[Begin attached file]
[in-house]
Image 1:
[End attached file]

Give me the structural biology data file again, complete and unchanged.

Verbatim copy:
[in-house]
Image 1: